Every autumn, Russian social media users spontaneously spring into action and everyone, without prior arrangement, starts exchanging photos of cats lying on radiators. The image is so popular that, for example in Perm and Saratov, they’ve even erected monuments to cats on radiators.
A monument to a radiator in Samara.Yegor Aleyev/TASS
In posting such pictures, millions of Russians are trying to summon the heat to their flats. You may wonder why they go to such lengths, instead of simply turning on the heating? Well, in Russia, it’s not that easy! Heating system is handled very differently from what you are probably used to.
In Russian cities, most buildings are centrally heated by hot water flowing through pipes. The water temperature is the responsibility of a local boiler station or heat-and-power plant - one per neighborhood or district. It supplies heat to cast-iron radiators (or increasingly in newly installed modern aluminum radiators) in flats when the average daily temperature outside stays below eight degrees Celsius for five days in a row.
As a rule, the heating season in the European part of Russia lasts from October until May, but it often happens that cold weather spells arrive sooner, when the heating has not yet been turned on. For instance, the Urals and Volga region already had snow in September 2019.
And in Moscow, the temperature plummeted to +5 in mid-September, and many residents are still waiting for their radiators in their flats to become warm. Yulia Petushkova lives in the Belyayevo district in the west of the city and she also has to patiently wait. "It's cold at work, it's cold outside and it's cold at home. From one cold place, I have to go to another cold place, through another cold place. They turned on the heating on on September 25, but it is still cold at home, although I can now sleep with two duvets rather than three!"
"Well, what’s the latest, have they turned on the heating yet?"brown_coke/twitter.com
But Daria Sokolova from Tsaritsyno in southern Moscow was not so fortunate: In her building, the heating was officially turned on on September 24, but not in all flats. "The water has not reached my flat through the distribution pipe, it is very disappointing, since they did promise to turn the heating on," she laments.
"Come, I'll show you my room of luxury"Sam Taylor-Johnson/Focus Features, 2015
But that’s just one side of the story. As you know, the temperature in Russia can change suddenly and yesterday's frost may be followed by a sudden warm spell. But your home will remain HOT, because the authorities have already turned on the heating. The water temperature in the radiators is regulated centrally at boiler plants and you can't turn it up or down independently.
And when they do start supplying heating to Russian homes, they do it wholeheartedly. In major cities, for example, the water temperature is calculated automatically depending on the weather. And at small boiler plants it is done manually. In any case, during the heating season, according to the state norm, the temperature in an apartment should not fall below 18 degrees Celsius and in the bathroom it should be no less than 25 degrees. For living rooms the upper temperature limit is 24 degrees.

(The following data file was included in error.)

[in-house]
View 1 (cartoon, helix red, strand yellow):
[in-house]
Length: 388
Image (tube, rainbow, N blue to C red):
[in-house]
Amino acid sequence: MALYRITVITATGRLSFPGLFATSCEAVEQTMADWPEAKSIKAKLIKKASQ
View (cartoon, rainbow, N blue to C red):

"That feeling when your house is the first in line to have the heating turned on"
Therefore, many people in Russia during winter wear T-shirts at home and leave the windows open. This, of course, has its advantages, because there will always be fresh frosty air in the flat. Nevertheless, there are buildings in Russia with autonomous heating systems, and not just in the private sector. Some new residential complexes have their own boiler-rooms that provide heating much quicker and where the temperature can be adjusted.
It would be logical to assume that Russians only pay for their heating in winter, but no.
They usually pay an average price for heating over a year on a monthly basis, otherwise winter payments could and would be in the thousands of rubles. Nevertheless, local authorities often decide themselves if residents should pay for the heating only when its on or spread the payments over the calendar year. For instance, in winter residents of chilly Kamchatka pay 7,000 rubles ($100) a month for heating their flat but in North Ossetia in the south of the country only 3,000 rubles ($40).
Hot water radiators were first invented in Russia - moreover, back in the mid-19th century. The invention belongs to industrialist with Prussian roots, Franz San Galli. Radiators manufactured at his factory in St. Petersburg were exported around the world.
Although most houses were heated with wood-burning stoves, by 1917, major Russian cities had buildings that used a hot water heating system. Centralized heating and electricity only came to people's homes in the Soviet period, in 1924, and, when Khrushchev-era apartment blocks started being built en masse in residential districts in the 1960s, people in Russia practically forgot what it felt like to be cold in the winter.
By the way, in the 1980s, Soviet engineers thought about heating houses using atomic energy, but in the wake of the Chernobyl disaster such projects were stopped. Nowadays, Russian boiler plants use gas for fuel.
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